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Walking the Portuguese Camino de Santiago - History and tradition
Walking the Portuguese Camino de Santiago is an unforgettable experience, both physically and mentally.
Whether you choose to walk the Camino as a pilgrimage to the Memorial of the Apostle Santiago or not, as you walk by the hills and valleys of the Way of St James with the goal of reaching the magnificent Cathedral of Santiago de Compostela, you'll find that is not only an adventure, but a spiritual journey within yourself and with the hikers you meet along the way. A true pilgrimage - a spiritual commitment marked by faith, culture, nature, people and the sharing of stories that cross each other along the Camino.
The first pilgrimages by the Portuguese Camino de Santiago date back to the 12th century. Since then, the number of pilgrims in this route hasn't stopped growing, as several pilgrims opt for it due to religious or cultural motives, as this is a journey through time and space and where one can experience stunning landscapes, flavors, heritage and traditions. With them, the pilgrims take the 'Pilgrim Credential' - often collected at Sé Cathedral, Porto's Matrix Church - where you collect stamps of the places you walk by, and turn in for a Compostela certificate at the end of your journey, if you chose to walk the Camino as a religious pilgrim.
History of the Camino de Santiago
To better understand the history of the Portuguese Camino, one has to go back in time. Santiago was one of twelve apostles of Jesus Christ who went to Palestine to participate in the evangelization of the country - legend has it that he also contributed to the evangelization of Spain itself. In one of several manuscripts depicting his role in the evangelization of the Catholic faith in Spain, the location of his tomb in Galicia is referred , which contributes to the later construction of the Cathedral and early pilgrimages to pay homage to the Apostle.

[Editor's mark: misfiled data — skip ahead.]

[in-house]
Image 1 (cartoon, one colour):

The tomb of Santiago is thought to have been discovered in 814, in the reign of King Afonso II, by the hermit Pelaio, from the Libredón Forest, who saw shooting stars on consecutive nights over a hill in the forest. Excavations were then ordered by Bishop Teodomino, from Iria Flávia - the most important city in the region at the time, 20 kilometers away from Compostela - where a marble arch was found, with the remains of what were thought to belong to the Apostle Santiago and some of his disciples. The King had a chapel built in that place and the first pilgrimages followed. The growth of the flux of pilgrims visiting Santiago de Compostela led King Alfonso III to build a majestic church in place of the primitive one in 872 and also changing the episcopal seal of Iria Flávia to Compostela. However, this would not be the last church to be erected as, in the reign of Afonso IV, the construction of the current Santiago de Compostela Cathedral started. It was built between 1075 and 1128, matching Romanesque style with Gothic, Renaissance and Baroque details.
Today, the Santiago de Compostela Cathedral is the third most visited Holy Place of Christianity, after Jerusalem and Rome. But the historical research is nowhere near complete and, despite the legend, some studies indicate that the remains found in Compostela could be from another Apostle rather than Santiago, who would be in the Church of Saint-Saturnin in Toulouse, France. Due to the lack of certainty about the true location of the tomb of Santiago, in recent years there has been caution when talking about this theme, with John Paul II referring to the “Memorial of Santiago” and Benedict XVI referring to the Compostela Cathedral as being “linked to the memory of Santiago”, abolishing the word tomb.
The pilgrimages really gained momentum from the 1980s onwards, as pilgrims chose to arrive to Camino de Santiago by various routes, the most famous ones being the French Camino, the North Camino, the Vía de la Plata, the Finisterre Camino, the English Camino, the Primitive Camino and the Portuguese Camino, which traditionally starts from Lisbon or Porto, the last one being the most popular starting point, where pilgrims can choose to follow the coastal or the central path towards Compostela.